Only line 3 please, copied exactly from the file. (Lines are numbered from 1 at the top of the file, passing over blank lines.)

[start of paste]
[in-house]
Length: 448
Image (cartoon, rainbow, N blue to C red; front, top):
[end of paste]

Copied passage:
Image (cartoon, rainbow, N blue to C red; front, top):